Words: Anna Ward, head of production for Premier League Productions, IMG
Stockley Park is not only home to the much talked about VAR, it’s also the base for IMG’s Studios production outfit. We employ over 600 technical and production staff with a client and programming portfolio of many of the world’s top sports federations and broadcasters.
In recent years IMG has championed a whole range of initiatives that have positively impacted on culture and delivered change. These have shown some real tangible results for the business – at the end of last month, 60 games into the football season for Premier League Productions (PLP), more than two thirds of the live match galleries have been directed by women.
IMG’s focus on diversity and inclusion hasn’t just been around gender, but has pushed to positively impact ethnicity, disability, sexual orientation and culture. Staff are increasingly conscious that the teams working on productions need to be representative of those consuming their content.
As culture has shifted – the hope is that the creative processes will be positively impacted as diverse voices from around the department feel more comfortable contributing on the development of concepts, ideas, programming and driving the business forward.
Increasingly all of IMG’s clients are looking to their production partners to make demonstrable commitments and improvements around diversity and inclusion. This work invariably starts right at the tender and pitching stage, with some broadcasters now asking to see specific diversity and inclusion policy statements and commitments from producers to improve representation and inclusion.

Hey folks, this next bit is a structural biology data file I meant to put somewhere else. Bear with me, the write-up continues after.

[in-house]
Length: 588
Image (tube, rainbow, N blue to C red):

During the recent Fifa Women’s World Cup, where IMG provided teams of production and technical staff, Fifa worked with us to improve gender diversity across all roles. Off the back of the huge success of the tournament, which attracted over 1.2 billion viewers, broadcasters and production partners are keen to continue to develop and support female sport. Lead by our new director of content, Stephen Cook, we’re developing concepts looking to champion and celebrate female sport across the globe. With global superstars and role models like gymnast Simone Biles, sprinter Dina Asher-Smith and US footballer Megan Rapinoe, women’s sport is on a huge upward curve and we want to be part of that. There’s no doubt that 2019 has been a breakthrough year for women’s sport.
To encourage difference of thought you need an inclusive and safe environment where people feel comfortable expressing different views
Cognitive diversity is what we should be trying to achieve – having people who think differently is where the business benefit is. To encourage difference of thought you need an inclusive and safe environment where people feel comfortable expressing different views rather than conforming with the norm or dominant perspective. Above all and to embrace change, you need leaders and managers who actively and openly listen to those varying perspectives and ideas.
To this end, the initiatives we’ve championed internally include mandatory unconscious bias training for the senior team; support for Channel 4’s disability training scheme; and the introduction of Lunch and Learn speaker sessions, including from transgender photographer Sophie Cook, Paralympians David Clarke and Martine Wright.
This article first appeared in the Broadcast Sport winter 2019 edition